As a young man, Joseph Pearce was more likely to incite riots outside a Catholic church than to enter one. A member of the National Front—an English political party that promoted racist, neo-fascist views—Pearce published hate-filled propaganda and was twice sent to prison for inciting racial hatred. Such writings could have destroyed his life. But the writings of others, from G. K. Chesterton to C. S. Lewis, eventually helped him find his way. These days, Pearce has written and edited more than a dozen books, most related to the Catholicism he once despised but has now embraced. His latest, Race with the Devil: My Journey from Racial Hatred to Rational Love (Saint Benedict Press, Sept.) chronicles the author’s journey from the prejudice of his young life to the faith and philosophy that inspired his conversion and continue to motivate him today.
Why publish this book now?
I didn’t want to write about it while my parents were still alive. Also, I wanted to be able to write it in such a way that I walked a tightrope between falling into self-loathing or self-righteousness. You have to walk a middle path between those two extremes. I wasn’t sure until very recently that I was mature enough to actually apply that.
It seems that looking back at your life from your current Catholic viewpoint could offer a unique perspective on your relationships, political or familial.
Of course a central aspect of Christianity is that we do not sit in judgment of others. Instead, I had to allow others to look at me and want to understand my problem. Catholicism allows us an element of introspection, to see ourselves in relation to an objective reality, in order to make sense of the past.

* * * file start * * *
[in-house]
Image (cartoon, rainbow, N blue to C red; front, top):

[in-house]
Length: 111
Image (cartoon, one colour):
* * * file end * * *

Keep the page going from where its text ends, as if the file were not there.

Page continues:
Could you name the one book that most influenced your past political views and the one that most influences your current Catholic ones?
Several books had a negative effect on me. World Revolution by Nesta Webster was one. It was by someone who saw history as a sort of convoluted conspiracy organized by Jews and Freemasons. One book of many that led me in the right direction was E. F. Schumacher’s Small is Beautiful. That allowed me to become more Libertarian. I don’t call myself a Libertarian, but I began to distrust big brother, big government, big business. Once you come to the realization that power tends to corrupt, you come to see that, well, if my own side had that kind of power, we would become as corrupt as the people we want to overthrow.
Do you ever worry about the way your past might influence the people you meet today, or the way it might influence the way people see you?
In so far as my past actions and past writings have caused anybody to suffer or reinforced prejudices, for that I am deeply sorry. I am motivated, in many ways, in my writing life now to rectify any problems that I caused in my earlier life. That’s the first thing. The second thing is what people think of me. My attitude is that there are two things you can do if you have a skeleton in your cupboard: you can hide it and lock the door and conceal the key and spend the rest of your life worried that someone will discover it, or you can take the bones out, rattle them in front of everybody and say, ‘This is my past, take me for what I was.’ If anyone were to suggest that a leopard cannot change his spots, then I would merely point out that I am not a leopard.